Midsummer’s Night: the last time I encountered the play inspired by the occasion was not at the theatre, but in a classroom. Called to cover a Year 7 class for an English teacher, I was delighted to find that they were doing something that was fun. Or it should have been fun, if the students had not assumed that Shakespeare could only be read in a serious way.
In groups of six, they were reading the passage from Act 1 Scene 2 of A Midsummer Night’s Dream where the Mechanicals are going to rehearse for a play. As Peter Quince tries to allocate the parts, Bottom offers to play most. It is a very humorous piece, but the students could not be dissuaded from the view that Shakespeare was not about smiles and laughter.
Shakespeare knew well enough the audiences of his time, that those who stood and watched could be fickle, rowdy, hostile, that those who came to the theatre expected to be entertained.
The Mechanicals are engaging in a play within a play, the theme of a play within a play is also to be found in Hamlet, where players arrive at the court of Elsinore.
The Players from Hamlet appear in Stoppard’s Rosencrantz and Guidenstern are Dead. The Player’s words are a reflection on both the times of Shakespeare and on modern times, probably, in fact, on any time in the history of theatre. Acting is a precarious living and people’s tastes tend not to be very discerning:
GUIL: Do you know any good plays?
ROS (coming forward, flattering shyly): Exhibitions…
GUIL: I thought you were actors.
PLAYER (dawning): Oh. Oh, well, we are. We are. But there’s not been much call.
GUIL: You lost. Well, then – one of the Greeks, perhaps? You’re familiar with the tragedies of antiquity, are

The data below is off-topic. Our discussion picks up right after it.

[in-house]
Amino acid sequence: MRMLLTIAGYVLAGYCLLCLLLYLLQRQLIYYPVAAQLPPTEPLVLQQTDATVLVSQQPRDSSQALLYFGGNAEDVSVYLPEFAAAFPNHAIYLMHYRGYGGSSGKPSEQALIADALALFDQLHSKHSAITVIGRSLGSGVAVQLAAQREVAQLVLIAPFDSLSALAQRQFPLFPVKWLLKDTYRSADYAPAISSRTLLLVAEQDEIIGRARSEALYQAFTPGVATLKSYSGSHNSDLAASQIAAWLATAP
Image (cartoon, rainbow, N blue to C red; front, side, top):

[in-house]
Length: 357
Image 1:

you? The great homicidal classics? Matri, patri, fratri, sorrori, uxori and it goes without saying –
ROS: Saucy –
GUIL: – Suicidal – hm? Maidens aspiring to godheads –
ROS: And vice versa –
GUIL: Your kind of thing, is it?
PLAYER: Well, no, I can’t say it is, really. We’re more of the blood, love and rhetoric school.
GUIL: Well, I’ll leave the choice to you, if there is anything to choose between them.
PLAYER: They’re hardly divisible, sir – well, I can do you blood and love without rhetoric, and I can do you blood and rhetoric without love, and I can do you all three concurrent or consecutive, but I can’t do you love and rhetoric
without blood. Blood is compulsory – they’re all blood, you see.
GUIL: Is this what people want?
Four hundred years after Shakespeare, the protracted lockdown has meant the future of theatre is very uncertain. Guildenstern asks what it is that people want and survival will mean giving people what they want. The capacity of theatre to generate income will probably demand more characters in the tradition of Peter Quince and Nick Bottom and fewer in the tradition of Hamlet, prince of Denmark.